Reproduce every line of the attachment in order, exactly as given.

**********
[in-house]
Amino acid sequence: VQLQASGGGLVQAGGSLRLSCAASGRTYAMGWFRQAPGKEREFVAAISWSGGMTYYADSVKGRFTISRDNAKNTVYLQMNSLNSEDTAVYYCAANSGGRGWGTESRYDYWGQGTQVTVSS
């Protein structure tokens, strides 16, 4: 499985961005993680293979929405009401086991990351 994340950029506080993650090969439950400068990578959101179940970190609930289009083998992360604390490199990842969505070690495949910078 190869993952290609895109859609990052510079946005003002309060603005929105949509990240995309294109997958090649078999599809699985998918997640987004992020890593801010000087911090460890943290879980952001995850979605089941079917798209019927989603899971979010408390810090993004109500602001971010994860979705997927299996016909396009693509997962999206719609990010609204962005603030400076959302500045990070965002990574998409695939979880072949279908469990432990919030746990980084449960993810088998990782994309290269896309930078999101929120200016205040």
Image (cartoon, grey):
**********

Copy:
[in-house]
Amino acid sequence: VQLQASGGGLVQAGGSLRLSCAASGRTYAMGWFRQAPGKEREFVAAISWSGGMTYYADSVKGRFTISRDNAKNTVYLQMNSLNSEDTAVYYCAANSGGRGWGTESRYDYWGQGTQVTVSS
């Protein structure tokens, strides 16, 4: 499985961005993680293979929405009401086991990351 994340950029506080993650090969439950400068990578959101179940970190609930289009083998992360604390490199990842969505070690495949910078 190869993952290609895109859609990052510079946005003002309060603005929105949509990240995309294109997958090649078999599809699985998918997640987004992020890593801010000087911090460890943290879980952001995850979605089941079917798209019927989603899971979010408390810090993004109500602001971010994860979705997927299996016909396009693509997962999206719609990010609204962005603030400076959302500045990070965002990574998409695939979880072949279908469990432990919030746990980084449960993810088998990782994309290269896309930078999101929120200016205040």
Image (cartoon, grey):